Workgroup 7 replies to departmental criticism

Cassie Buchman, News Editor

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After turning in their preliminary draft recommendations for the vitalization project, Workgroup No.7, looking at academic programs, discussed the responses and feedback they received from academic departments.

After seeing some of the responses, workgroup chair Cindy Rich said some of the departments were supportive, while others approached the recommendations in a defensive way.

What surprised Rich about the defensive responses is she does not see the first two recommendations the workgroup needs to make as negative, as these focus on what programs should be continued with increased resources and what efficiencies or changes could be made to enhance a program’s marketability or enrollment.

“The first (recommendation) is for additional funding, the second one is for in their own house coming up with plans,” she said. “The third is in their own house, but with support from the university and other people (asking) how can we make this work?”

The third recommendation is how programs or services can create a plan to improve their viability and efficiency.

Though the fourth recommendation calls for the workgroup to suggest programs for outsourcing or deletion, Rich said they added in an option for consolidation.

“The programs don’t need to be deleted completely — maybe they can join in with another department that would help with what’s going on there,” she said.

In their responses, Rich said people defended their department’s enrollment, staffing and programs.

“Several of them wrote about the qualities of their program. We never questioned the quality of their programs,” she said. “We feel like all of our programs are quality programs.”

What was mainly looked at, Rich said, was a program’s enrollment and marketability, with the profit/loss sheets being a small piece of what was looked at.

She said they used all the data the university made available to them when looking at these factors, such as databooks and enrollment management documents.

“I can’t speak for (the departments), but it just felt like everyone thought we were being very critical,” Rich said. “That’s not how we intended it to be.”

Rich said in recommending efficiencies, the workgroup was not saying the departments were doing anything wrong.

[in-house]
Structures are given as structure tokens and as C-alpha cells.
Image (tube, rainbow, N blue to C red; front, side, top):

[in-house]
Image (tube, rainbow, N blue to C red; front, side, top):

“We’re saying you got a good thing going; how can we get more students from that?” she said.

Business professor Scott Stevens said he saw a lot of defensiveness and “turf protection” in people’s responses.

“What people fail to grasp is that there are far too many faculty, far too many programs for our enrollment,” he said. “It’s not sustainable.”

Scott said though there was a lot of verbiage around not being able to eliminate anything, there is a problem to deal with of not having enough students.

“As far as faculty go, yes there are many on this campus (that) have this thing called tenure. We have to let attrition take its course; (there are a) lot of part-time adjuncts who you can get rid of,” Scott said.

He acknowledged the workgroup would have to make recommendations that are not going to make some people happy, but resources need to be used in a more efficient way.

“There’s something to be said for simplification,” he said. “Colleges need to decide what they want to do exceptionally well, pick a couple things and market the hell out of it.”

Rich said the workgroup is not saying to let all the faculty go and never bring them back; instead, they are looking at how to make these academic programs work.

None of the workgroup members want to see someone hurt in the vitalization project process, she added.

“We all feel for people who may lose their jobs and things like that, and that makes us sad,” Rich said. “We don’t want to say bad things about the university. We don’t want to tear it down.”

However, she said if the university tries to be “everything to everybody,” it will get nothing.

“We have to figure out how to stay afloat,” she said.

Accountant Joyce Schumacher pointed out the workgroup was just sending their recommendations, and not a finalized decision, in the vitalization project.

“Somebody above us has to sort through everything,” she said. “These are just our opinions.”

Rich said both departments and the workgroup were able to do what they had to.

“We had our job to do, to look at what they had. They had their job to do,” Rich said. “We’re not adversaries in this; we both had a role to play.”

 

Cassie Buchman can be reached at 581-2812 or [email protected]